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ECONOMY | 06-05-2024 19:42

Banks accuse MercadoLibre’s fintech arm of ‘abusive conduct’

Argentine banks file legal complaint against MercadoLibre for alleged “abusive conduct” on its digital payments platform, ratcheting up more pressure on the company after new Central Bank regulations imposed key changes on the fintech sector.  

Argentine banks filed a legal complaint Monday against MercadoLibre Inc for alleged “abusive conduct” on its digital payments platform, ratcheting up more pressure on the company after new Central Bank regulations imposed key changes on the fintech sector.  

MODO, a virtual wallet backed by some 30 Argentine banks, accused the e-commerce giant of forcing consumers to fulfill online purchases via its payment platform, Mercado Pago, among other practices, according to MODO’s statement regarding its formal complaint before Argentina’s National Commission for the Defence of Competition.

“MercadoLibre’s abusive conduct, detailed in the complaint, creates negative effects for the market, disproportionately maximising its earnings,” MODO wrote in the statement, adding that it’s confident Argentine authorities will investigate “one or more anti-competitive practices,” forcing an “in-depth analysis of the payments and digital wallet ecosystem.”  

MODO claims that 80 percent of e-commerce retail sales in Argentina are done via Mercado Pago. While MODO lauded the platform’s technology and recognised its dominant performance, it accused the company of distorting the competition.  

A spokesman for Mercado Pago didn’t immediately provide comment Monday. Founded in 1999, the parent company MercadoLibre is now Latin America’s second-most valuable publicly listed company with a market capitalisation of US$84 billion. Across the region, it recorded 49 million monthly active users for its fintech platform.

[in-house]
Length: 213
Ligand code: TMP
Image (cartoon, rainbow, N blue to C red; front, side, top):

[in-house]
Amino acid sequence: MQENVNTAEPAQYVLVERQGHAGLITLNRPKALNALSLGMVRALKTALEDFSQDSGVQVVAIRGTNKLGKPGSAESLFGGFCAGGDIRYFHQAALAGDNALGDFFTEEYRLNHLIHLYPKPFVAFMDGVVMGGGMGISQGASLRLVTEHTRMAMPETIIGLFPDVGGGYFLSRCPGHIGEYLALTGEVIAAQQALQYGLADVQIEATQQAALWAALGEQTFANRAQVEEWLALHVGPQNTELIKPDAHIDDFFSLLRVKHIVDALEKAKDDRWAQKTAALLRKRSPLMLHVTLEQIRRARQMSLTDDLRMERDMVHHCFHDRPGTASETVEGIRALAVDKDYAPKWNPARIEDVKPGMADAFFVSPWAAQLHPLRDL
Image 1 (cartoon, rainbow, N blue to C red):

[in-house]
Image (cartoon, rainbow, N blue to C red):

MercadoLibre’s share price rose 1.4 percent Monday to US$1,654 after posting earnings last week that surpassed analysts’ expectations. 

MODO’s filing comes after Argentina’s central bank mandated on April 30 that merchants who display QR codes in stores to scan and pay must accept that consumers can make digital purchases from any bank or service provider — a move that would force MercadoLibre’s hand in opening up its payment network.

The Montevideo, Uruguay-based company is still negotiating with banks and other digital payment networks on the terms of opening up its QR payment system to third-party operators, Osvaldo Giménez, president of the MercadoLibre’s fintech unit, said during an earnings call with analysts on May 2. 

“We need to agree on commercial terms with the counterparties, which are likely to be banks and other wallets, and we are in that process,” he added.   

by Kevin Simauchi, Bloomberg

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